Early Years – Literacy

How to build a story bag

If your child is blind or partially sighted, story bags, sacks or boxes are an important tool when it comes to adding meaning to the story and engaging your child in the activity.

What is a story bag?

Story bags sit alongside your child’s book and contain tactile objects that relate to the story. As you read the words, your child can physically hold objects, talk them through with you and bring a lot more meaning to the words. It will really help them with concept development and also make story time even more fun and engaging. You can use a drawstring bag, tote bag, zip-up plastic envelopes, pillow case, an old shoe box or canvas storage boxes. You can print off some large print words or braille some items to accompany the book. If the book has complex images that your child struggles to focus on, you could draw or print some simpler, high contrast images to use as an alternative. You will most likely find items to fill your bag with around the house and it doesn’t need to be expensive! You should also be able to borrow story sacks from your local library so it is worth enquiring as to what is available.

If you have one of our Sensory Discovery Packs these items are perfect to include in story time. You already have a soft toy to represent an animal or toy in a story, a chiffon scarf to explore a texture or wind, a shaker and the space blanket for sound effects and light-up toys for any night time stories.

Explore the links below for ideas and inspiration to start putting together your own bags

Hands-On Literacy Experience

This article from WonderBaby.Org is a great introduction to story boxes, guiding you through why they’re important, what to think about and ideas to get started.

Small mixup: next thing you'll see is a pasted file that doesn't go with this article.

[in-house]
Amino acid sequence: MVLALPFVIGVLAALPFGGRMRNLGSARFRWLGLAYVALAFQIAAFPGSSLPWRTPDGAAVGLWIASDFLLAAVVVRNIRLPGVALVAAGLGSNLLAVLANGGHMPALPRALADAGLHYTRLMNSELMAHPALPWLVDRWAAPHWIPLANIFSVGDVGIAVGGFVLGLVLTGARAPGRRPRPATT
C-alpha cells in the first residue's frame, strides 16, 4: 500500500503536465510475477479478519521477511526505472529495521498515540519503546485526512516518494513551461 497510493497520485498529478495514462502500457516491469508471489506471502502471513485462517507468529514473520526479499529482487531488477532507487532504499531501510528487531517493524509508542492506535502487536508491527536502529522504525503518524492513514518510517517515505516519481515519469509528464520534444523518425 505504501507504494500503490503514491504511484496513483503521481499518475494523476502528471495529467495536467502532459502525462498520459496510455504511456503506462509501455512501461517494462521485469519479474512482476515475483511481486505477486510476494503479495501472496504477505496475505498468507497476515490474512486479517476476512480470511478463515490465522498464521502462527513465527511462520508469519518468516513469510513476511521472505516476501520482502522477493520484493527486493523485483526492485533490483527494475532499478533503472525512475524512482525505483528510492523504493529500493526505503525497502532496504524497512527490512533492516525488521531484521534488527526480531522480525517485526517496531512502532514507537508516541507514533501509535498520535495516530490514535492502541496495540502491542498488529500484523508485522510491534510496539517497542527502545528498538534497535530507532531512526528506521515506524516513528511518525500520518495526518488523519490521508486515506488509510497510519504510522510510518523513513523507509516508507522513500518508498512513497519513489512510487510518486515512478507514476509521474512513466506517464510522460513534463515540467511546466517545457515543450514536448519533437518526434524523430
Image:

Easy to Create Story Boxes

Paths to Literacy share tips on creating story boxes for children who are blind or partially sighted, including suggested books.

Creative Story Buckets #BucketsOfJoy

Positive Eye show you how to turn plastic buckets into versatile learning tools with their #BucketsOfJoy project. There are ideas for lots of early years stories to share with your VI child.

Storybox: Adaptation of Goldilocks and the Three Bears

Adapting Goldilocks and the Three Bears for a 4-year-old who is deaf-blind on the Paths to Literacy website.

The Very Hungry Caterpillar

Fun and creative ideas for story box activities for young children with a classic children’s favourite!

Stories to enjoy with your Early Years Sensory Discovery Pack

We’ve rounded up some of our favourite children’s books that you can enjoy while incorporating the sensory items provided in your pack.

Finding inspiration online

If you have a favourite story and you’re looking for inspiration you’ll find lots of ideas across craft and parenting blogs. Here are a couple we found to get you started!

Story Sacks – Ideas and Play

These story sack ideas from Busy Busy Learning incorporate lovely sensory play elements!


Sensory story telling spoons

The Imagination Tree share this lovely twist on sensory story aids using wooden spoons.


Story sack ideas on Pinterest

This board offers lots of great inspiration for different story books.

Videos introducing ideas around story bags and boxes

Using tactile resources to support visually impaired children’s reading skills

This video from Sight Scotland introduces story boxes and tactile books.

How to create sensory story resources for pupils with sight loss

Tips for educators on the Sight Scotland YouTube channel

Sense talk you through using sensory items to bring ‘Toddle Waddle’ to life.

Story boxes for the blind and vision impaired

The CSDB YouTube channel explains story boxes and how they can be used with students who are vision impaired.

Room on the Broom Story Sack

Early Childhood and Family Services demonstrate how you can make a story sack at home.

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